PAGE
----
40.  [Castro] There was a certain cleverness on the part of the United States
on this. The day after the [UN] resolution was approved, they immediately
talked about a dialogue, but a dialogue for later, for a certain date. The
talks turned into a formal matter a few days before the fatal deadline.

41.  Perez de Cuellar is making these efforts at this time.  Those efforts
could make a contribution. It is impossible to predict. There is an
(?initiative), some flexibility at this time, a new position, or at least
something that makes it difficult for the United States to pull the trigger. 
As long as there is a diplomatic effort in progress--of course it needs to be a
serious effort because efforts need to be serious on these matters--as long as
there is such an effort in progress, it is more difficult to pull the trigger.
So, Perez de Cuellar is the last resort.

42.  [Suarez] Commander, what about the Cuban doctors in Iraq?

43.  [Castro] Well, the Cuban doctors were in a very special situation. The
Cuban doctors.... [changes thought] There were some sports and other
specialists there. A doctor is what is needed the most in a country that all of
a sudden was going to be left without medicines, a country that is so involved
in a war. From the moral standpoint it was terrible to tell the doctors to
leave. Morally, it was an extremely unpleasant and painful action to take. I
believe that our country could not do that and our doctors did not want to do

44.  All this was analyzed and discussed with them. They have had an
extraordinary attitude from the beginning and have said they will remain in
their posts. They are in hospitals. They are not in military hospitals. They
are in civil hospitals providing services to children, women, old people, and
the population in general. Most of them are nurses. The vast majority of them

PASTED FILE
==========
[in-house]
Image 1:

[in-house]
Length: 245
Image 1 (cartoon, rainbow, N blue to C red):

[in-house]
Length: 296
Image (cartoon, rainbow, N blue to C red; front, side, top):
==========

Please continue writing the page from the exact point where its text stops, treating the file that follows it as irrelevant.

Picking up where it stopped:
are nurses. They are writing a great page of heroism. They have not hesitated. 
They are there at the hospitals with the people. They are willing to run the
risks. This is a truly admirable attitude but, could we expect something
different of a Cuban doctor, of a Cuban revolutionary at this time? We could
not expect anything else other than what they did.

45.  They are aware of the risks they are running. We are very aware of the
risks they are running. All possible measures have been taken. Analysis and
plans have been made, security measures have been taken, plans have been made
on what they should do in each case, even the means the personnel have in the
event a chemical weapon is used. Of course, if nuclear weapons are used, if
those savages decide to launch nuclear weapons against the population,
obviously our doctors and our nurses are running risks there. There was no
other choice for them as health professionals or as revolutionaries or for our
country as a revolutionary country.

46.  That aid has been given as a donation for many years.  Since war broke....
[changes thought] There was a group of people who worked there but the
government paid for it. Since the war broke out, we thought that since two
countries were at war, it was unpleasant to have medical staff receive pay in
the middle of a war. The decision was made that this medical assistance be
given as a donation during the period of time in which they were in war. Our
people treated many Iraqi and Iranian people. Our doctors and nurses treated
many wounded Iranian people in the hospitals. They provided free services. 
That situation continued until this crisis was created. So, our medical staff
worked there as in most of the countries it works-- Nicaragua, Angola, and
other places. It works for free. This is our doctors' situation there.

47.  As you know, they are committed to their mission. What would their future
life be like if they had to leave? If they left, they would keep thinking about
their patients. I believe a doctor needs to be besides his patients and if he
has to die, he dies next to his patient. This is the only ethical,
revolutionary, and just position they can have.

48.  This is also why we have so much authority in this entire conflict. [For
this reason] we have been perhaps the ones to talk to the Iraqis with the
clearness nobody has shown to them. We have expressed our points of view and
our opinions to prevent the situation from getting to this point and [letting
them know] that the country can be subjected to a war in which it suffers an
enormous destruction. The possible loss of human lives is painful.

49.  In addition, this could have a great effect in the economy of the Third
World. Nobody knows what is going to happen with oil. One cannot guarantee what
is going to happen and cannot guarantee what is not going to happen. One cannot
guarantee that all the wells are going to burn but one cannot guarantee that
all the oil wells are not going to burn. This is a real possibility. There
could even be an ecologic disaster there if those wells begin to burn.